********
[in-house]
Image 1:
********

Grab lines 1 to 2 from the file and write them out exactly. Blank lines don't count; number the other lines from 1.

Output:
[in-house]
Image 1: